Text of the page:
“Pain removes the veil; it plants the flag of truth within the fortress of a rebel soul.” –C.S. Lewis in The Problem of Pain.
For me, the Christmas season always stirs up a sense of “good grief.” A couple of days before Christmas in 2005, my wife and I received a call in the early morning to get to the hospital ASAP because our almost 2-year-old niece had stop breathing in the middle of the night due to a rare strand of pneumonia. At the time, I was pastoring a networked house church community while teaching high school as my day job.
We rushed to the hospital, and I remember struggling with my identity as to how to approach the chaos of the catastrophe. Was I a pastor, brother-in-law or friend? I was confused and overwhelmed. We got to the ER and were ushered into the sterile room where my sister-in-law sat embracing her gift of a daughter that had now passed over the veil into the fullness of the Kingdom of God. The pastor in me had only one goal—it was to raise the little one back to life. All of the stories in our Scriptures tell us that this can be so, that we have a faith of resurrection. But by the time my hands touched the bodily forehead of my niece, Kate, my prayer changed. I was not destined to be there because of a bodily resurrection; I was there to be invited into a long season of “good grief.”
The questions that followed were clearly horrifying. First there was the practical. It was just 2 days before the Christmas holiday—is the funeral home open and available for planning? Is there time to find a burial plot before the workers go on holiday break? With all the holiday planning, when is the right time to have a funeral for a little one? To have to compartmentalize practical questions in the midst of shock and early mourning seemed particularly cruel. Then there were the deeply surreal and spiritual questions. How do we now, as a family, approach the adoration of the Nativity scene having just lost one of our own dear babies? With Darkness on the doorstep taunting us like a destructive bully, how does one respond? More specifically, how does a community respond?
Here’s what I have learned … you respond with “good grief.”
Suffering of most any kind can lead you to a place of utter isolation. I found some hope in Shelley Trebesch’s book, Isolation: A place of Transformation in the Life of a Leader, after this season of grief. Shelley describes these places of isolation in terms of desert or wilderness experiences. They are unwanted, unplanned and avoided if at all possible. Her thesis is that we don’t just try to survive, endure or get past these times, but to begin to see them as the very transformational experiences that may be preparing us for another journey. Within the crucible of pain, grief and isolation, we can learn and grow in powerful and transformational ways that only suffering can do. We shouldn’t try to “avoid” these times, but we should embrace them as a kind of “good grief.” The crucible of pain reveals the shallowness of our previously held goals and expectations, and we realize that God desires to deepen our life into more of what the truth really is about ourselves and our world. In this way, the truth very much does hurt. However, it is also only the truth that sets us free.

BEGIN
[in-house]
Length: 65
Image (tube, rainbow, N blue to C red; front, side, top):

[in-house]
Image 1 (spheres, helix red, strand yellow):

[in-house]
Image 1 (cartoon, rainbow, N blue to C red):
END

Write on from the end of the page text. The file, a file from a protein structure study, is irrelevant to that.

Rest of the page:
What I learned is that every single person that Jesus healed eventually died. Every person he resurrected, died again. So what is the point of healing in the Christian faith? I believe that all healing has nothing to do with the actual act of healing, that’s simply just a rearranging of sick cells in the body. Rather, that each divine act against the laws of nature are meant to be a resounding announcement that there is a God and we aren’t him. In the same way that we have a worked out belief in healing, we also need to grow up and have a mature belief in “not healing.” When God doesn’t rearrange cells as we wished he would, what do we do then? I learned that when a spiritual community has “good grief,” meaning they grieve with a violent sense of hope, that also is a resounding announcement of a Kingdom that has come. Healing and not-healing are both a primal and rebel yell of hope.
Since these tragic events of Christmas 2005, it changed the way our small church community worshiped. It was as if our faith wasn’t about making ourselves feel better anymore, but that we were at war with the bully of despair and our cry was one of hope. We didn’t want to sit still in our little cocoons; we wanted to buck up and have the courage to walk through the dark night of our suffering to come out the other end into the light. As a father, I had to deal with the mortality of my children. Life needed to be about the precious now, and connecting with them was more important than my selfish ambitions. Dealing with the loss of their cousin, the death of Kate, changed my kids’ worldview. They see the world and the future somehow more grown up. They organize their thinking and planning about their bright futures around the idea of spreading the virus of hope through their unique giftings and abilities. Life is short and precious … make it meaningful. Hope is violent … pick a fight there.
We need not seek to avoid these times; we can embrace them. We don’t like grief—it’s painful—but in the hands of the One who made us, there is such a thing as “good grief.” We can find Hope even in the most grievous of times and circumstances. In utter darkness, light can yet shine through. I love these words from Henri Nouwen:
“Hope is not dependent on peace in the land, justice in the world, and success in the business. Hope is willing to leave unanswered questions unanswered and unknown futures unknown. Hope makes you see God’s guiding hand not only in the gentle and pleasant moments but also in the shadows of disappointment and darkness.” (60) Turn My Mourning To Dancing
Photo (Flickr CC) by Hamed Saber